While competitive hockey may seem out of reach for many parents, there are options to play the game for fun that makes it more accessible.

“There are alternatives,” said Alison Doherty, professor of sport management at Western University in London, Ontario. “What we tend to think of is the rising costs associated with competitive hockey, but that’s not the only game in town.”

Doherty points to Red Circle Hockey Club in her city, which stresses “equal opportunity regardless of ability” on its website, and notes its founding and expansion is based on giving kids a chance to play rather than creating future stars. Early registration rates vary by age from $195 to $390.

Parents can also opt for cheaper sports at levels equivalent to minor hockey. The teacher was once incurring elite soccer costs for his child, which he said ran him only $1,000 annually, a fraction of his estimated hockey commitment this year. Similarly, McCauley’s two kids play summer and winter soccer for roughly $700 each before boots ($90) and shin guards ($20).

Competitive basketball costs parents of better athletes around $3,000 to $5,000 a year all told, depending on level and region. Including cost of uniforms, rep basketball can start at $935 in Toronto, and expenses associated with basketball—like with hockey—can increase greatly if teams must travel far to play stronger opponents.

One danger McCauley sees for hockey’s economic exclusivity is the sport’s ability to sustain its public edge in Canada. Shifting demographics with new Canadians arriving from countries where hockey isn’t a popular sport, along with the enthusiasm for the Toronto Raptors and the NBA in general, and the fact that even Canada’s Major League Soccer teams were enjoying record TV viewership this past season, all may present challenges to hockey’s reach long term, even if millions are still tuning in for staple programs like the World Juniors.

“When price becomes a barrier to youth in any sport, the professional ranks pay attention because that is their future audience,” McCauley warned. “All levels of professional and semi-professional hockey need to treat this problem as critical to their future growth.”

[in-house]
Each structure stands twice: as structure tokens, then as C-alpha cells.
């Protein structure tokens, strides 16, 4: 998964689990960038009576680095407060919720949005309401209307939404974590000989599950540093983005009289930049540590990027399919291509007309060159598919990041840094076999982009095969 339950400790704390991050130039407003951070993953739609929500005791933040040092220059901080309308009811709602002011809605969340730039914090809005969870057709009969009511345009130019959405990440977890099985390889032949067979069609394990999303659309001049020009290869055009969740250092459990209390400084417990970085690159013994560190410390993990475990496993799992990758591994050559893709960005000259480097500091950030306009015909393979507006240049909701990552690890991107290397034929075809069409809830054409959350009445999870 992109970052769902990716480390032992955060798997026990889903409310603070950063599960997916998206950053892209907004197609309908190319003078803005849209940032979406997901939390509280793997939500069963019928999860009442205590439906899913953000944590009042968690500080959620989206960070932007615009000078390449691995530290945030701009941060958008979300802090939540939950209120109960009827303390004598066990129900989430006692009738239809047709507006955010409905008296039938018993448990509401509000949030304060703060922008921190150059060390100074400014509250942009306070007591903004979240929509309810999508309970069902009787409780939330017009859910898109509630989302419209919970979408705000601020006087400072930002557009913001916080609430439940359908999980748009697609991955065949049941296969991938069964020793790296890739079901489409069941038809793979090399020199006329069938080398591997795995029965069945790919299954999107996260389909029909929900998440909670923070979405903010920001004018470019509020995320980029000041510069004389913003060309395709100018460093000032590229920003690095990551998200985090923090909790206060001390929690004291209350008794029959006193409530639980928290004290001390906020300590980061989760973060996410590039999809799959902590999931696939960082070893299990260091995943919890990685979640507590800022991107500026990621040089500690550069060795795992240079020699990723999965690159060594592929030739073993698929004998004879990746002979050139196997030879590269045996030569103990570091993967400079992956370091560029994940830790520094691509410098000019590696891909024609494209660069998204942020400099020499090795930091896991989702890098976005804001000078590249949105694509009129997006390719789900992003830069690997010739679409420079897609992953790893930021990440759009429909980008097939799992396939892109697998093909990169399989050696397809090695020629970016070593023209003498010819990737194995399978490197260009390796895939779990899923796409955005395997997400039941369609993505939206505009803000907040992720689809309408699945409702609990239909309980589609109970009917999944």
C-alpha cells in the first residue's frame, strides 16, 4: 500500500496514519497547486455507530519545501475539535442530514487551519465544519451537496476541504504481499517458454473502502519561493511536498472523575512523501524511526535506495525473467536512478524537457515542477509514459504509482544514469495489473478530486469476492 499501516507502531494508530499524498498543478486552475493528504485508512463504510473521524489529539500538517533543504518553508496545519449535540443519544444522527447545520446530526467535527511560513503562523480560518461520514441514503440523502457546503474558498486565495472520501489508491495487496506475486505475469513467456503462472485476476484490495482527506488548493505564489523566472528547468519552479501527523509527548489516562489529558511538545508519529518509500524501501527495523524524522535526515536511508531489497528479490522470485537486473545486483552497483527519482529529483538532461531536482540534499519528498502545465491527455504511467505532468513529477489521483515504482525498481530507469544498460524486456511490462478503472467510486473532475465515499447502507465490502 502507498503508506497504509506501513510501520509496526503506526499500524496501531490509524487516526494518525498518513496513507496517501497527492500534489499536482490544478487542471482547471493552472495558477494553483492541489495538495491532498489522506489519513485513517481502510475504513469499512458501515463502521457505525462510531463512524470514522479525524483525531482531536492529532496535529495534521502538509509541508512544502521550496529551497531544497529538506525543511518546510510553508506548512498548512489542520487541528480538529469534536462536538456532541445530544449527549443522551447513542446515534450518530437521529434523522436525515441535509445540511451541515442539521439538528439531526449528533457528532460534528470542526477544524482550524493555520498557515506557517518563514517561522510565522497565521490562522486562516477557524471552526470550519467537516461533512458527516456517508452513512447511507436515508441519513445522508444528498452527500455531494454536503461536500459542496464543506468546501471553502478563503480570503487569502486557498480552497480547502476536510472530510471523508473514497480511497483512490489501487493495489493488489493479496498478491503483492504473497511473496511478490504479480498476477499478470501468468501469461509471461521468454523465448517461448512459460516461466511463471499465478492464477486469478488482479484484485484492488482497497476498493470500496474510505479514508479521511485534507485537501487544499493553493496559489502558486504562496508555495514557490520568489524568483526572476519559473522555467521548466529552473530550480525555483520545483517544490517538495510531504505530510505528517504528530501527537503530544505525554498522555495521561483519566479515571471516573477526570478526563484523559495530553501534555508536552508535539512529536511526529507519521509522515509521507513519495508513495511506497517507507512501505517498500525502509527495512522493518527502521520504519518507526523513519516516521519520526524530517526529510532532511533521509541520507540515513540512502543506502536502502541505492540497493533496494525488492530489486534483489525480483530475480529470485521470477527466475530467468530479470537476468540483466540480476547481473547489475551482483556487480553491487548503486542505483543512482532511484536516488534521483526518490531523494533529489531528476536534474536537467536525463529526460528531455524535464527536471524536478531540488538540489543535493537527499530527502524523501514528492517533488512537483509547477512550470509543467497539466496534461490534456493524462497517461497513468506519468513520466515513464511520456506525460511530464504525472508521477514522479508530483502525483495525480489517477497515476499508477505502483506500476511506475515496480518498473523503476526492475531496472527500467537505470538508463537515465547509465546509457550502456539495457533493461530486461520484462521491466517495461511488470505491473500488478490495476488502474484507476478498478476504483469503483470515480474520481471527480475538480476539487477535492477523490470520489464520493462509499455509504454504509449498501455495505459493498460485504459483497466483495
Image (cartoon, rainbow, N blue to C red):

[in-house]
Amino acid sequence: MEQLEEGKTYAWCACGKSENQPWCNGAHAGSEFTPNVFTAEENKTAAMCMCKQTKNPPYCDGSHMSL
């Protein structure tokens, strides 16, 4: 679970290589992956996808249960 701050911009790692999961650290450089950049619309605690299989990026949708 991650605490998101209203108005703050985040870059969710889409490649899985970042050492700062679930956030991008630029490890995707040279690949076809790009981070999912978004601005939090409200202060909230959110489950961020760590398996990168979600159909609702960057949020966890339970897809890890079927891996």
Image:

Even parents who have committed to the higher end culture of hockey understand when they’re being exploited, yet can’t bring themselves to pull the plug on their kids’ dreams.

“There’s the tournament costs, day-to-day costs of practices and games, there’s even a charge for tryouts,” the teacher revealed, noting that recruiters will sometimes invite kids to a half dozen evaluations – every single one for a price – before making cuts.

“I know of some families that have taken out a personal loan just to buy hockey equipment, some took night jobs, I teach summer school to pay for my son’s hockey.”

Many parents will be watching World Juniors this winter with their hockey-playing kids, picturing their own lacing up in that youth tournament in a few years. At the very least, maybe their kids will end up in the NHL, making their annual five-figure commitment per child worth the price tag. With steady participation rates (Canada has 639,000 registered players as per IIHF), hockey is not in existential danger. But the barrier to participation is at the highest levels of youth hockey, where our game requires a serious financial commitment that may be out of reach for a growing number of Canadian families, where dishing out thousands of dollars a year on a sport, is frankly, unaffordable.